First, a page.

One of the partners on our MHB boards mentioned recently that she’d never apply for an LGBT scholarship, because she doesn’t identify as LGBT, and it reminded me that I never told the story about me & the LGBT Blogger Initiative Conference I went to.

It seems I am perplexing to people, & I felt a little bit like an odd duck while I was there. It came up because at some point, someone announced that grants might become available for LGBT bloggers, and a few people told me that they hoped I would get one. But someone also mentioned that they could see others have an issue with the fact that I’m not LGB or T. My standard response these days is – “I’m the Q that gets left off a lot.”

But still it’s an issue that has come up, & may come up even moreso that I’m thinking about going back to grad school. Will I choose, like the partner above, not to apply for any LGBT scholarships? As a sort of liminal queer, probably I wouldn’t, except that then there’s the whole issue of what I do & what I’d want to study – which is all about the LGBT, and the T in particular.

The other question I was asked, which I’ve been asked before, is why? Why the trans community? & To be honest, I just don’t know. I was charmed by my very first meetings with trans people, & continue to have a deep love for the trans community & for trans people. Aside from my Debsian sense of social justice, that is.

Tim McFeeley did a wonderful “short history of the LGBT movement” (which I was pleased to note I knew cold!) as a workhop that Sunday morning, and he closed with a quote by Frederick Douglass:

When I ran away from slavery, it was for myself; when I advocated emancipation, it was for my people; but when I stood up for the rights of women, self was out of the question, and I found a little nobility in the act.

That’s my answer & I’m sticking to it.

6 Replies to “Douglass”

  1. …it seems the more I learn about you the cooler you become. I know a few trans allies….I live with one…but you are sort of the speaker of the house on this issue. Thanks for what you do so well.

    Patty loved the book you signed. I think she’ll find it to be very relevant. Thanks again.

  2. Thanks for ending with a quote from one of the moderately unsung greats, Frederick K. Douglass.

    I am glad that out of the past few years of tribulation of trans we have witnessed the emergence of what may turn out to be the biggest uniter of the LGBT communities. “Q.” Got LGQBT?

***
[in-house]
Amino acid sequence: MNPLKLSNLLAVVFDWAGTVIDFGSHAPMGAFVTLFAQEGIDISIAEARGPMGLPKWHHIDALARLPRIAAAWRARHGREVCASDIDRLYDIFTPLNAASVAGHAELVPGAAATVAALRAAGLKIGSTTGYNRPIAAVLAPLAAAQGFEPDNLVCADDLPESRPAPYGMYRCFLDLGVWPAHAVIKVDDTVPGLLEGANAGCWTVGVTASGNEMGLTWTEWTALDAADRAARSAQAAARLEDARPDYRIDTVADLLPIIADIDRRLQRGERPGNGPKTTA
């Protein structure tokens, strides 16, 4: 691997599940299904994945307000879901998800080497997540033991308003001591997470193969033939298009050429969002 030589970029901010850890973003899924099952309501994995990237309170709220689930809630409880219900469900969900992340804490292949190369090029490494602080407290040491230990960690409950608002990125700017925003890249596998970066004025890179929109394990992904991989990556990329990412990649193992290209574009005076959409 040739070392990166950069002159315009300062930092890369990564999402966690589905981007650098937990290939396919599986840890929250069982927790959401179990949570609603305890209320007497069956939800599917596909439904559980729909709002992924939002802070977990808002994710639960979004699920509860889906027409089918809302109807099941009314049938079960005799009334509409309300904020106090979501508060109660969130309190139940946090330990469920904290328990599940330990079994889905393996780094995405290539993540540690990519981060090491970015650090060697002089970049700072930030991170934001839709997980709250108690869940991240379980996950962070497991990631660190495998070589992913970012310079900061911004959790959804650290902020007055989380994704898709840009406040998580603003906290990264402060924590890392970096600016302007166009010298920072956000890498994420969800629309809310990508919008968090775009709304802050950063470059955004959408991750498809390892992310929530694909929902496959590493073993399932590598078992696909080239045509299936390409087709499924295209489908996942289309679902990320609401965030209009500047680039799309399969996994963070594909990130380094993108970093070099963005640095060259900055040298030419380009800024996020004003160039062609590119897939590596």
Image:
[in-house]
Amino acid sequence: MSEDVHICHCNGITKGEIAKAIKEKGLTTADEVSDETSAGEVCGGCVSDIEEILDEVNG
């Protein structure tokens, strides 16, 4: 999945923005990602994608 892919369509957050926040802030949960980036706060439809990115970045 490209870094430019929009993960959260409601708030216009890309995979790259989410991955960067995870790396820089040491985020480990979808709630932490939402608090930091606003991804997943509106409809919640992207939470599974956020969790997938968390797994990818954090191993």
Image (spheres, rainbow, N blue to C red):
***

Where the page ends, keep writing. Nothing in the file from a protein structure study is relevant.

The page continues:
Great blog entry thanks you the partner who shared too.

  3. It’s a good quote, and a good sentiment. And btw, you shouldn’t be afraid to identify with LGBT even if you don’t fit exactly within the four letters of the listed alphabet soup. Most progressive LGBT people understand that Q’s, I’s, A’s, as well as other letters, are in the soup even when we don’t actually say those letters when we say “LGBT.” You belong Helen if you see yourself as being a part of, or allying with the community.

  4. Interesting. Despite my status, whatever that is, I get angry when people demand that only personal experience is primary, and often the first, criteria used to qualify for something. I’m not discounting personal experience, but the LGBT community is then dismissing a lot of people who have supported the community for years and decades. And it can be argued those folks have provided more results than the community itself.

    The community needs their voice, whatever flavor of personhood that is, and denying them support is discrimination. If the community can’t or won’t support them, who else will? I don’t see a lot of non-LGBT organizations offering scholarships for LGBT issues. It’s about supporting the diversity of humanity. Everything else is incidental.

  5. I think it has a lot to do with feeling like it’s okay to be a roadie, but not okay to feel like one of the band. It’s like I’m seen as queer by association and somehow that marginalizes my own experience. I really don’t know. There are still times I feel like I’m trapped between worlds. Queered by the Hets and Hetted by everyone else. I’m just tired of being othered.

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